Sabatos Crystal Ball

1952 Presidential Election

UVA Center for Politics January 1st, 2008


For the first time in 24 years, the nation’s presidential race did not feature an incumbent president. President Truman, facing a disenchanted national electorate, made a last minute decision to abandon his bid for the Democratic nomination. Indeed, the public had grown weary of 20 years of Democrats in control of the White House, and a variety of developments had turned the national mood sour and had created a political environment favorable to change. Price controls, White House staff scandals, and especially bogged-down U.S. involvement in the Korean War all contributed to this unfavorable atmosphere for Democrats.

On the Republican side, Senator Robert Taft of Ohio, an isolationist, and former Minnesota Governor Harold Stassen were early announced candidates. World War II General Dwight Eisenhower, however, widely recognized as the only possible candidate with large popular appeal, soon entered the race at the behest of national GOP leaders. Although Eisenhower trailed Taft in delegate commitments going into Chicago’s national Republican convention, he quickly won delegate seating contests and easily won nomination on the first ballot.

The Democratic ticket took shape more slowly. President Truman, challenged early on by Tennessee Senator Estes Kefauver, bowed out in April after suffering several primary losses. The president, however, remained influential behind the scenes: he and party activists orchestrated a draft movement for the liberal governor of Illinois, Adlai Stevenson. Although Stevenson rebuffed the drive up to the last minute, he quickly capitalized on his reputation as a reformer, overcame Kefauver’s lead in convention delegates and won the Democratic nomination on the third ballot.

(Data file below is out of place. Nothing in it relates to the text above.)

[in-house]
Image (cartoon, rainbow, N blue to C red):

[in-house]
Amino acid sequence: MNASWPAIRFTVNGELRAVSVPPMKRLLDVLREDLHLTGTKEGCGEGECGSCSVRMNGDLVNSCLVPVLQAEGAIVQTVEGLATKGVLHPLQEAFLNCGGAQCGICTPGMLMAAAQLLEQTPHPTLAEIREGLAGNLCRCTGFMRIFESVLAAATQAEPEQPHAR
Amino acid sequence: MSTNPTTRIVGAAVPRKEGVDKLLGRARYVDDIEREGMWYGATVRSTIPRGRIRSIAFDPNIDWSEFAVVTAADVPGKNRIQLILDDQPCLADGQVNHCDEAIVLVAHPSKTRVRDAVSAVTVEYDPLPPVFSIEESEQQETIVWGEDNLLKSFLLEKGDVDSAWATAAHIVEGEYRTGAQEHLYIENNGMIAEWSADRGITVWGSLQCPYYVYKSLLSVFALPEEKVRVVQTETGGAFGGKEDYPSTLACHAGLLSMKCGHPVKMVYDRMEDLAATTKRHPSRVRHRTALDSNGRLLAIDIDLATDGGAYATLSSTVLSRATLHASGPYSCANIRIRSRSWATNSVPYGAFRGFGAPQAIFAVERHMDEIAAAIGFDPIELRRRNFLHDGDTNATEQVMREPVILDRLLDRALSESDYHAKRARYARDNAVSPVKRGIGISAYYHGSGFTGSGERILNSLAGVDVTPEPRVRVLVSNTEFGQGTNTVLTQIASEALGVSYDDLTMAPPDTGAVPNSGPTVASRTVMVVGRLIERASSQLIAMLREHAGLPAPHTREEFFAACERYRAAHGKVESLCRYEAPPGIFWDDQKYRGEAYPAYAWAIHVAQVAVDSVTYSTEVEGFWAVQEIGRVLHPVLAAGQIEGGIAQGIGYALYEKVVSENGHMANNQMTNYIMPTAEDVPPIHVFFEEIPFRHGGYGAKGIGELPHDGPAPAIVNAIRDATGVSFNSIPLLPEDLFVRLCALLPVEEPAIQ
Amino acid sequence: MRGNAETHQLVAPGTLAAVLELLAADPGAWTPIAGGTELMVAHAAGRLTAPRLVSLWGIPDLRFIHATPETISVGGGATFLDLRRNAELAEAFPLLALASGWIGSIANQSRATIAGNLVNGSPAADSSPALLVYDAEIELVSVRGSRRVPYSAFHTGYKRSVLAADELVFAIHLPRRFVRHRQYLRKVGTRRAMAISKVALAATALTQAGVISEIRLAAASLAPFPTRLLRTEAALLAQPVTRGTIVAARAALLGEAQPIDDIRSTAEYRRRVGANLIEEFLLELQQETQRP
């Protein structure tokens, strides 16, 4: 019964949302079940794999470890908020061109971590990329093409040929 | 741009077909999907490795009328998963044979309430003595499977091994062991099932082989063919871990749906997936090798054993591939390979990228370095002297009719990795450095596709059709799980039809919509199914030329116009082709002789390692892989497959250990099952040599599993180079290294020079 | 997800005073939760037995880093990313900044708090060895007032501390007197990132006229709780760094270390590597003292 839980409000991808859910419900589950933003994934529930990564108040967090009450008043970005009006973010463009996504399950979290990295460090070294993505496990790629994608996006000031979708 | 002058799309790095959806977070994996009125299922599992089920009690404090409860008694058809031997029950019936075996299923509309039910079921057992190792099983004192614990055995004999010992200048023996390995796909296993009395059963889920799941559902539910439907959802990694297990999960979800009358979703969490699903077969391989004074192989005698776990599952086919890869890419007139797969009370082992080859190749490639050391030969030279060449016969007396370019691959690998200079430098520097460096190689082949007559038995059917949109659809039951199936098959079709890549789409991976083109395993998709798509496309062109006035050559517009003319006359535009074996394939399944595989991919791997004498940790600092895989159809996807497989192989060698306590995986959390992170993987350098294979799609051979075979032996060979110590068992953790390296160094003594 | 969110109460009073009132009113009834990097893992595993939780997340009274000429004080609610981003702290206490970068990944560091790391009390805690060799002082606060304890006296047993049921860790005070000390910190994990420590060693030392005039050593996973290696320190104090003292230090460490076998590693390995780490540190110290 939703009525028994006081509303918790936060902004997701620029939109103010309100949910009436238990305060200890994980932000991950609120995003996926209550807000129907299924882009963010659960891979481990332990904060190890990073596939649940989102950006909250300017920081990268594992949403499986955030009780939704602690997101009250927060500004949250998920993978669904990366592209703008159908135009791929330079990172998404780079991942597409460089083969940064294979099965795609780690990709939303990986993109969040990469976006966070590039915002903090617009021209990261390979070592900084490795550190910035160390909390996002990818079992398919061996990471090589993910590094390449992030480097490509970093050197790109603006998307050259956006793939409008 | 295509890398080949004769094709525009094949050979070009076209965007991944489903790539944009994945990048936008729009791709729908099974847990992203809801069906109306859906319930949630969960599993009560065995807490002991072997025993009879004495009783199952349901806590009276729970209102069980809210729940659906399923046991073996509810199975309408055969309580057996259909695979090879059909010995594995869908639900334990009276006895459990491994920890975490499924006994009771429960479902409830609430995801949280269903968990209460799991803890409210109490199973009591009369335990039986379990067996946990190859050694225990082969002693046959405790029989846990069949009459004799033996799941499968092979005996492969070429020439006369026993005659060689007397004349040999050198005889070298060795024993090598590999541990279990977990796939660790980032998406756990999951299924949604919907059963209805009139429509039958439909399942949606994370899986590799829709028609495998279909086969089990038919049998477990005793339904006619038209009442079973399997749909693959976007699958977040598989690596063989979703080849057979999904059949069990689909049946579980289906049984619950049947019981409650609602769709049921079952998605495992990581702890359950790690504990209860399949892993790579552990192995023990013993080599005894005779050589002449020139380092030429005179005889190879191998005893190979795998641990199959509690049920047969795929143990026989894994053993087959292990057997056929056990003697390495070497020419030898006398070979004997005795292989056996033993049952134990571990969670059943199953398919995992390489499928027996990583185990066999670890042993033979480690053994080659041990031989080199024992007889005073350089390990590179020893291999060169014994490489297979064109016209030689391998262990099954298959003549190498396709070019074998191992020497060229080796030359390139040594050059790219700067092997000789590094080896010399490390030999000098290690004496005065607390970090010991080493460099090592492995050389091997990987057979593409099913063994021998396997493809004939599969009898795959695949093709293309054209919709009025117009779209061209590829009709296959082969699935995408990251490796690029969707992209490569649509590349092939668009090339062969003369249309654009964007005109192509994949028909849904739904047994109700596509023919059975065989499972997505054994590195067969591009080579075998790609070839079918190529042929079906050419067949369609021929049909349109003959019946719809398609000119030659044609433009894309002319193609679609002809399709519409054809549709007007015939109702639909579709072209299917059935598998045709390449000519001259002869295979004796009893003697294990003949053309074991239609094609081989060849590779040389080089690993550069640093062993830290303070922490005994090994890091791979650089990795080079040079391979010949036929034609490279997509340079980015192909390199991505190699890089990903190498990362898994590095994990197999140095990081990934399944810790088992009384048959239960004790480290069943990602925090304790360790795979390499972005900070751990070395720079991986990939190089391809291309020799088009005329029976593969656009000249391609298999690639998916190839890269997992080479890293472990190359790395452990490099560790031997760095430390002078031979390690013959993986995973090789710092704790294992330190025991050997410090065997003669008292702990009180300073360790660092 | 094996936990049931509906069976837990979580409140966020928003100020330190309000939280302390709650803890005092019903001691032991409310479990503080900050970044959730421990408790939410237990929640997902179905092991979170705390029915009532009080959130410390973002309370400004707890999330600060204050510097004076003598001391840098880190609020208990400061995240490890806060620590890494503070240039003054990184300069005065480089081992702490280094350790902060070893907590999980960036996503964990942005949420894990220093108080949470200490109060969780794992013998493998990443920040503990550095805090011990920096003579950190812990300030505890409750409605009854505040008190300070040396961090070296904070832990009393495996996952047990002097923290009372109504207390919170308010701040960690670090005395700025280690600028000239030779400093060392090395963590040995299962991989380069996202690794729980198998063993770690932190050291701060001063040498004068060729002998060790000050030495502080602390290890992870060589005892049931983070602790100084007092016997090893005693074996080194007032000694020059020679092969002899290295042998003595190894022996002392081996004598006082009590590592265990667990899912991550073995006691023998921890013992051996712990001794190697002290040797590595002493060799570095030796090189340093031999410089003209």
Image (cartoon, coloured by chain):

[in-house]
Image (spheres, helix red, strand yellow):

In the general election campaign, Eisenhower hammered away at the failures of the Democratic administration. Citing the 1949 communist revolution in China, the long-running conflict in Korea, and Democratic corruption, he offered a message that soon resonated with an American public eager for change. The only threat to Eisenhower’s chances came when newspapers accused his running mate, a young California Senator by the name of Richard Nixon, of maintaining a hidden fund through which wealthy contributors would pay for his travel expenses. Nixon’s subsequent televised address, however, ended the public controversy when he cleverly told the nation a heartwarming story about a pet dog named “Checkers” he had received from a Texas contributor. Denying wrongdoing and winning the favor of the viewing audience, Nixon said that his children loved the dog and that he would keep it. Winning the North, West, and even several southern states, Eisenhower swept the White House with 442 electoral votes to Stevenson’s 89.